Given the so-far shaky track record of the DC Extended Universe (the wonderful Wonder Woman excluded), I went into Justice League with high hopes but low expectations. It exceeded the expectations, but didn't rise to the level of the hopes.
The film, Warner Bros.' biggest salvo yet in the comic-book movie war with Marvel, serves as a direct sequel to last year's Batman v Superman: Dawn of Justice. While that story spent a lot of time asking if the world was really safe under the watch of the godlike Superman (Henry Cavill), Justice League opens by asking if the world is too vulnerable now that he's gone.
Fearing for the future as an army of buglike invaders approaches, Batman (Ben Affleck) is on a mission to assemble a team of heroes who can, he hopes, defend Earth together. He and Wonder Woman (Gal Gadot) recruit the incredibly fast Barry Allen/the Flash (Ezra Miller), master of water Arthur Curry/Aquaman (Jason Momoa) and former athlete turned cybernetic supercomputer Victor Stone/Cyborg (Ray Fisher).
That recruitment process, frankly, takes up most of the movie. Yes, there's a villain -- Steppenwolf, voiced by Ciarán Hinds -- but he barely feels present in the events of the story. We learn that he can take out a small army of Amazon women on his own, yet somehow he can't manage to be appropriately intimidating.
While Batman searches for heroes, Steppenwolf hunts for the three "Mother Boxes," which hold alien technology that can alter the world. These boxes are treated like the Rings of Power in another (and more highly regarded) Warner Bros. franchise, The Lord of the Rings. One box was under the care of the Amazons, another the Atlanteans, the last the humans. Bring all three boxes together and the planet stops sustaining its current life. As scary as it sounds, the villain's plan and the solution to stopping it are pretty bland.
The lack of urgency can at be attributed at least partially to the lack of buildup. The number of superpowered protagonists here is a lot for any script to handle, and it doesn't help that we're meeting half of them for the first time. Unlike Marvel's cinematic universe, which fills the space between crossover event films with more focused movies that allow individual characters to shine, you don't get much time at all to meet, understand and ultimately care for characters like Aquaman. Sure, DC fans will be able to see a character who has two lines and say, "Oh! That's Mera!" and have their brains fill in a lot of gaps, but everyone else in the theater will be lacking context.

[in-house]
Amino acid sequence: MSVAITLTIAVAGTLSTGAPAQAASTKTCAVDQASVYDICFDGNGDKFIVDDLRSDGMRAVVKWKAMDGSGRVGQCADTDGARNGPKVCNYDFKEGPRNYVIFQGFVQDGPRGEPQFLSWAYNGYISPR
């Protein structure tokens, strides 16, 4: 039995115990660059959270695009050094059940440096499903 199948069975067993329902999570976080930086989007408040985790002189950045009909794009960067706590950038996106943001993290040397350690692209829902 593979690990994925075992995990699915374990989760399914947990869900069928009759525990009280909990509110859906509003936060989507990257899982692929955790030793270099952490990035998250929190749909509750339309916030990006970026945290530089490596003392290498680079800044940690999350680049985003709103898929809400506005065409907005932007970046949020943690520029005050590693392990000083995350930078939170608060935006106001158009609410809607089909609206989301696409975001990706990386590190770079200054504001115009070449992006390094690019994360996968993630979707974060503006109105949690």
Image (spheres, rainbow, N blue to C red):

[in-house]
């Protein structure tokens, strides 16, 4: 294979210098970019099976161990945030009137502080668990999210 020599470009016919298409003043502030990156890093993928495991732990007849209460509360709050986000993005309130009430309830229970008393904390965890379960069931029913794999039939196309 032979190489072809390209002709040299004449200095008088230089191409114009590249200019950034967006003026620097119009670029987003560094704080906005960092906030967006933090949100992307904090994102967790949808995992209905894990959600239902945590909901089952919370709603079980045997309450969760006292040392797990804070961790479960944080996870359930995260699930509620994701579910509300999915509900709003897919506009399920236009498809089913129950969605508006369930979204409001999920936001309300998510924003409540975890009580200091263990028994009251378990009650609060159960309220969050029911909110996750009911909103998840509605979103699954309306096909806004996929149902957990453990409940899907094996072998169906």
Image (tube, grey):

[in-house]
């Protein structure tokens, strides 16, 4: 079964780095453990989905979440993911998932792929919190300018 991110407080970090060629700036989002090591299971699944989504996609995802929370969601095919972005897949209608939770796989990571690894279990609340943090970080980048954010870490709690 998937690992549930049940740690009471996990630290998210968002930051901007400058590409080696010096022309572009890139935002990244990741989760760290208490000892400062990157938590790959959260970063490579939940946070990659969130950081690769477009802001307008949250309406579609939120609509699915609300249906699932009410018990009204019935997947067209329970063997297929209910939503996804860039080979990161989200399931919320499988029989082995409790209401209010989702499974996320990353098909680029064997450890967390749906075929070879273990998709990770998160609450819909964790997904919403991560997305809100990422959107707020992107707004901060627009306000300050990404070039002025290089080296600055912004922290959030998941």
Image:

The actors do well with what they have, though. Gadot is outstanding as Wonder Woman, Affleck remains surprisingly good as a haggard Bruce Wayne, Momoa manages to make Aquaman seem at least slightly cool (yes, his shirt is off within minutes) and Fisher makes you feel for a character who is now more metal than flesh.
Miller's Flash acts as the team's lovable doofus and comic relief -- a far cry from the portrayal of Barry Allen you can see every week in The Flash on TV. While I'm all for tweeting #NotMyFlash about it, this version of the character has his moments. Frankly, he won me over with his views on brunch.
Justice League often tries too hard, offering viewers fan service in place of proper plot development. Leaning into Wonder Woman tends to be a crowd-pleaser (though the character herself practically acknowledges at one point that the rest of this ensemble is a bit beneath her), while other moments are likely to delight only DC superfans.
But give the movie credit for one major improvement over the last DC crossover. Justice League manages to give us one thing that was sorely missing from Batman v Superman: Hope.
Even in its brightest moments, that film was grim. Justice League has a much more optimistic outlook on life, making its heroes symbols of hope that you can root for. Beyond that, characters in this movie actually laugh. They crack jokes. Even the dour Bruce Wayne smiles on occasion.
Even with its many shortcomings, Justice League does have sequences that provide genuine fun. It doesn't fix the DC Extended Universe, but it at least tiptoes in the right direction.
JUSTICE LEAGUE (C+)
PG-13 (for sequences of sci-fi violence and action). 120 minutes. In wide release.